A Defendant's Motion to Dismiss

Initially we shall consider defendant's motion to dismiss the appeals by plaintiff and the mortgagee. The motion is on two grounds. The first is that the premises which were the subject matter of this action were razed to the ground and the cause has therefore become moot. It appears from the record that defendant, pursuant to the orders entered in the Superior Court on October 16, 1968, and December 9, 1968, caused the building to be demolished after this court had denied motions by plaintiff and the mortgagee to stay execution of the Superior Court orders. The defendant argues that, since the subject matter of the action no longer exists, that which plaintiff and mortgagee sought to prevent has already occurred, and the case is therefore moot. He cites from 5 C.J.S. Appeal and Error § 1362, and the following cases to support his position: Cochrane v. Langlois, 104 R.I. 522, 247 A.2d 91, cert. denied, 394 U.S. 920, 89 S. Ct. 1196, 22 L. Ed. 2d 454; Lauder v. Zoning Board of Review, 100 R.I. 641, 218 A.2d 476; Kimball v. Pelosi, 96 R.I. 429, 192 A.2d 267; and Johnson Wholesale Perfume Co. v. Blumen, 63 R.I. 485, 9 A.2d 857. The cases cited by defendant are not in point and, therefore, we see no reason for discussing them. The destruction of the building by defendant did not moot all the issues raised by the appeals. Determination of important rights of the parties depends upon the correctness of the decision of the trial justice and the orders entered pursuant thereto. If we affirm those orders, plaintiff will be subject to the payment of costs and expenses of the demolition. If we reverse the decision and hold that the building was not a nuisance, or if we find that the alleged hazards and violations could have been abated without the necessity of destroying the whole building, then plaintiff may have a cause of action against defendant for damages resulting from the unlawful destruction of his property. See 5 C.J.S. Appeal and Error § 1354(1), page 411 et seq., for a discussion of this problem. See generally Lewis v. Town of North Kingstown, 16 R.I. 15, 11 A. 173, and Beacon Restaurant, Inc. v. Adamo, 103 R.I. 698, 241 A.2d 291.

The second ground of defendant's motion is that the remedy of plaintiff and the mortgagee should have been by certiorari to this court pursuant to the provisions of P.L. 1968, chap. 67, sec. 8.[1] This ground is clearly without merit and requires little discussion. Section 8 is not applicable here. The plaintiff and the mortgagee are not appealing from an order of the building official or of the Board of Review. They *6 are appealing from orders entered by the Superior Court on defendant's counterclaim wherein he sought an order requiring plaintiff to demolish the building forthwith or an order that plaintiff be enjoined from interfering with defendant in the demolition of the building and that plaintiff be ordered to pay the costs of the demolition. The Superior Court had jurisdiction to hear the counterclaim which was filed by defendant and from which appeals have been properly taken to this court by plaintiff and mortgagee. See Palombo v. Housing Board of Review, 92 R.I. 421, 169 A.2d 613.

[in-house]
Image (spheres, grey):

The defendant has added another ground in his brief which was not included in his original motion to dismiss. He argues that plaintiff's appeal should be dismissed because of plaintiff's attitude and conduct. This argument begs the question, for we cannot know what plaintiff's conduct and attitude were until we pass on the merits of his appeal.

For the reasons stated, we deny defendant's motion to dismiss the appeals.

B The Appeal of Frank L. Pucci

We address ourselves now to plaintiff's appeal, which he has briefed and argued under seven main points. We shall treat the appeal in like manner.


Under Point One of his brief plaintiff poses the following question:

"Does the mere recital of and reference to administrative proceedings under chapter 353 in the counterclaim state a sufficient cause of action on which a court can order demolition of Pucci's building, and to declare the premises a common law nuisance?"

He indicates no ruling of the trial justice to which he made objection nor any portion of the transcript where this question was raised in the court below. Although we have doubts as to whether this question is properly before us for review, see State v. Quattrocchi, 103 R.I. 115, 235 A.2d 99; Villa v. Hedge, 96 R.I. 52, 188 A.2d 904; Cottrell v. Lally, 94 R.I. 485, 182 A.2d 302, we shall assume for the purposes of this case that it is.